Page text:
MD Casino CEO Warns Amazon Could Enter Gaming Space Through Online Casinos

Written By Adam Hensley on May 10, 2024
A picture of an Amazon building in Germany

Should Maryland legalize online casinos, one operator fears that a brand like Amazon could come in and dominate the market.

Speaking at the East Coast Gaming Congress in Atlantic City, NJ, recently, The Cordish Companies’ CEO David Cordish reiterated the gaming company’s stance against states legalizing online casinos.

“Any of you who are in bricks and mortar really want to compete with Amazon in gaming the rest of your life? You say, oh, Amazon, they wouldn’t go into gaming. Why wouldn’t they? If anyone would have told you a few years ago that Amazon was going to buy a supermarket chain called Whole Foods, would you believe them?

“They already have tens of millions of customers and everybody’s credit card, and if they want to put a blackjack game on it, it would take you two or three seconds to play and the transaction is over. You don’t have to leave your desk or your computer.”

Despite Operating Online Casinos, Cordish Opposes Them in Maryland

The Cordish Companies owns the Live! Casino & Hotel Maryland. The company, which does have an online casino presence, has advocated against Maryland online casinos.

In March, casino operators in Maryland appeared before the House Ways and Means Committee to either advocate for or against iGaming expansion.

At the hearing, Cordish Executive Vice President and General Counsel Mark Stewart spoke against Maryland legalizing online casinos.

“We genuinely believe iGaming is a bad deal for Maryland, our employees and our communities. There’s little dispute that iGaming will cause substantial job loss.”

It has sparked much debate over whether an iGaming industry would cannibalize brick-and-mortar jobs. For instance, one study by iDEA (iDevelopment and Economic Association) and Eilers & Krejcik Gaming found that online casinos actually help retail casinos. Six states with legal online casinos saw “an average quarterly revenue boost of +2.44%” to their land-based counterparts, according to the study.

Maryland state Sen. Ron Watson has pushed back as well. He has inferred that it’s hypocritical for The Cordish Companies to claim potential job loss in Maryland when the company was recently hiring for a number of different positions at its casino in Pennsylvania, a state with legal online casinos.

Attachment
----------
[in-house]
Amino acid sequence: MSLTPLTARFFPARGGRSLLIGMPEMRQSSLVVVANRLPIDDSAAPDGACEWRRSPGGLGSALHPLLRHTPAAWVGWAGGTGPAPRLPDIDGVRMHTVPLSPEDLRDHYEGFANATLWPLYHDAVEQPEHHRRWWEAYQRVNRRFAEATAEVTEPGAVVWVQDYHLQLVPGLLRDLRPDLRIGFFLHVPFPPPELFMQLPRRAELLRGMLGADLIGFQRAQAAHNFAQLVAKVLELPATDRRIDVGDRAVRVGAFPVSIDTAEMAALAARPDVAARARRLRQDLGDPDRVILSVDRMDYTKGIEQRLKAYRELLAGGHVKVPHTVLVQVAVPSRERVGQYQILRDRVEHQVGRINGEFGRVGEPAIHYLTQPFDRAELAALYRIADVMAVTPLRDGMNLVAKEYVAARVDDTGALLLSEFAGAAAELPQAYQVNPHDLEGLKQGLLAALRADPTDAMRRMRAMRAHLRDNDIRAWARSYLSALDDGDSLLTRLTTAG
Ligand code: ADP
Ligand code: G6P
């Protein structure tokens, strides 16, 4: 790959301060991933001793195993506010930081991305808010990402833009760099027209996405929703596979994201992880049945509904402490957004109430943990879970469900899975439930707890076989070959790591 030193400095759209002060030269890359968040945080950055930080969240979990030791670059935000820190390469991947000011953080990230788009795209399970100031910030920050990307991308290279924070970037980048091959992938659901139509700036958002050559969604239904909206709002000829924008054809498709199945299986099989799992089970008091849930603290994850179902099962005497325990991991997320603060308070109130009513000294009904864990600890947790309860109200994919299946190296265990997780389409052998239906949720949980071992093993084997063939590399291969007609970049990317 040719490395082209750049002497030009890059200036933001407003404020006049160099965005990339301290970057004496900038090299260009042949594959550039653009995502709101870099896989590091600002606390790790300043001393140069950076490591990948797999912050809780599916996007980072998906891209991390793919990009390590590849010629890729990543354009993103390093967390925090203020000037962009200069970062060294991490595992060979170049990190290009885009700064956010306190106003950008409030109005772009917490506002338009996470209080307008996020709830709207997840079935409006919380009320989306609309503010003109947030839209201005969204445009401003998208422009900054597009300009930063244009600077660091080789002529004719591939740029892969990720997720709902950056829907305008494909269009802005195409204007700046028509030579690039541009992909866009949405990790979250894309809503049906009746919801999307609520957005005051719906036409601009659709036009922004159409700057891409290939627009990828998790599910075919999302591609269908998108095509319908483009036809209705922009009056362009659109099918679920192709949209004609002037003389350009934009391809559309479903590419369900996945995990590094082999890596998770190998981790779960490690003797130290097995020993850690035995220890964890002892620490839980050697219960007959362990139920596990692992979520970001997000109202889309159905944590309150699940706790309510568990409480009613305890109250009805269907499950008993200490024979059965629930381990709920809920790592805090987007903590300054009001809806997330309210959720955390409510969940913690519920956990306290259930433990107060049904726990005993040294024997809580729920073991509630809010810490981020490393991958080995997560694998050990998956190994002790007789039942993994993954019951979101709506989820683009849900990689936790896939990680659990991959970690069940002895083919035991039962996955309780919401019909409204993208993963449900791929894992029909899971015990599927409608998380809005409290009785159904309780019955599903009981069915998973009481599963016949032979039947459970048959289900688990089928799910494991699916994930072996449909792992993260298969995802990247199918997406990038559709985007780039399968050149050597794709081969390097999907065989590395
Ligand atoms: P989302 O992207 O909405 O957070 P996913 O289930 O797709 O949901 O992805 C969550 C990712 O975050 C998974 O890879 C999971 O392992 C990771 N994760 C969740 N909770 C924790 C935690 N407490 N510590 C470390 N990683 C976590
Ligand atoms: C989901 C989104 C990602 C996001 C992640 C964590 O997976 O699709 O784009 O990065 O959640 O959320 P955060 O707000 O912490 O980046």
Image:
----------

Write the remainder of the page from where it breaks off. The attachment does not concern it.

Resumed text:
Amazon Hosts Online Social Casinos

Amazon does not currently offer online casino games, but the company does allow users to download a number of social casino games.

While players can’t win real money, digital chips are required to play the games. When users run out, they must purchase more to keep on playing.

A lawsuit was filed late last year against Amazon, claiming that the money “illegally” taken from these games should be returned to customers. The lawsuit argues that Amazon collected 30% from each digital chip players purchased.

There are currently similar lawsuits against Apple, Google, and Facebook. Amazon’s attorneys have said if the case is not thrown out because it lacks merit, any judgment should be put on hold until the lawsuits against the other companies play out.

It’s worth noting that Maryland allows sweepstakes and social casinos.

Could Amazon Secure a Maryland Online Casino License?

While it’s unlikely Amazon would pursue an online casino license if Maryland legalized iGaming, it is possible the company could buy an operator.

Lawmakers in Maryland seem to prefer linking iGaming licenses to existing retail casinos. If that happens, it would probably keep companies like Amazon from entering the iGaming industry in Maryland. It would have to first buy a brick-and-mortar casino.

It’s unclear where the lawsuit against Amazon will go. Social casinos are mostly legal throughout the country, with a few exceptions. If Amazon did decide to enter the online casino market, it would, indeed, probably dominate it.

Photo by AP Photo / Michael Sohn
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Adam Hensley

Adam Hensley is a journalist from Des Moines, Iowa, with experience covering online sports betting and gambling across Catena Media. His byline has appeared in the Associated Press, Sports Illustrated and sites within the USA Today Network. Hensley graduated from the University of Iowa in 2019 and spent his college career working for the Daily Iowan’s sports department, both as an editor and reporter.

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